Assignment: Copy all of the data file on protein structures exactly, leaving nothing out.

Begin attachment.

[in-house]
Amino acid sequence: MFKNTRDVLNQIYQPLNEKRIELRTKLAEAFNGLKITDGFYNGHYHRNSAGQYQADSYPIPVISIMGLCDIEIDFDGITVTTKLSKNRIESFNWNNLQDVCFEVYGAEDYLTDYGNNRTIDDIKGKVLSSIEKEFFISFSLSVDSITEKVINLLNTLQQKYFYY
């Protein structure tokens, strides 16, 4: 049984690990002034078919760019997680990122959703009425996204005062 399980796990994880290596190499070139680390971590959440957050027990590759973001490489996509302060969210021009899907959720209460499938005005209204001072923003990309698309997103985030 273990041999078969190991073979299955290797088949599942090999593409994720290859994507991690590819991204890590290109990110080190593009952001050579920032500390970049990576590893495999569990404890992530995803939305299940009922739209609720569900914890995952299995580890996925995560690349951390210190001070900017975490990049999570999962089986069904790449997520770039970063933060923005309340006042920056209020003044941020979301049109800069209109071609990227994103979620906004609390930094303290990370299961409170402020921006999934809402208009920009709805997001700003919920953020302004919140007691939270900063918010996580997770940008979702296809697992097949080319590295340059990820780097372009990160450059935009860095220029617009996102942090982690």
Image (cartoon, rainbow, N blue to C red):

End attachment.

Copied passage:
[in-house]
Amino acid sequence: MFKNTRDVLNQIYQPLNEKRIELRTKLAEAFNGLKITDGFYNGHYHRNSAGQYQADSYPIPVISIMGLCDIEIDFDGITVTTKLSKNRIESFNWNNLQDVCFEVYGAEDYLTDYGNNRTIDDIKGKVLSSIEKEFFISFSLSVDSITEKVINLLNTLQQKYFYY
């Protein structure tokens, strides 16, 4: 049984690990002034078919760019997680990122959703009425996204005062 399980796990994880290596190499070139680390971590959440957050027990590759973001490489996509302060969210021009899907959720209460499938005005209204001072923003990309698309997103985030 273990041999078969190991073979299955290797088949599942090999593409994720290859994507991690590819991204890590290109990110080190593009952001050579920032500390970049990576590893495999569990404890992530995803939305299940009922739209609720569900914890995952299995580890996925995560690349951390210190001070900017975490990049999570999962089986069904790449997520770039970063933060923005309340006042920056209020003044941020979301049109800069209109071609990227994103979620906004609390930094303290990370299961409170402020921006999934809402208009920009709805997001700003919920953020302004919140007691939270900063918010996580997770940008979702296809697992097949080319590295340059990820780097372009990160450059935009860095220029617009996102942090982690």
Image (cartoon, rainbow, N blue to C red):